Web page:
Rapid Return to Sports after Shoulder Dislocation without SurgeryCan athletes with a dislocated shoulder get back into the game? Can they do this without surgery? During the same season? Doctors who work in sports medicine put this question to the test. They treated 30 athletes with shoulder instability from a partial or complete dislocation. Physical therapy and bracing were used as treatment options.
All players were competitive athletes at the high school or college level. All wanted to return to their sport during the same season. Measures used included: 1) the player able to return to the same playing position at the same level of play; 2) number of days missed; and 3) number of times the same shoulder dislocated again.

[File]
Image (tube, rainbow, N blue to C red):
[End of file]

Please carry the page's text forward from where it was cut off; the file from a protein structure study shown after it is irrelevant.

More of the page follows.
The authors report that 90 percent of the athletes returned for part or all of the season. The average number of days missed before getting back to the field was 10. One-third of those athletes had at least one more sport-related shoulder dislocation. Half of the athletes ended up having surgery later during the off-season.
The authors say that athletes with shoulder instability can return to their sports without immobilization or surgery. The athlete can delay surgery until the off-season without further damage to the shoulder.
Daniel D. Buss, MD, et al. Nonoperative Management for In-Season Athletes With Anterior Shoulder Instability. In The American Journal of Sports Medicine. August/September 2004. Vol. 32. No. 6. Pp. 1430-1433.
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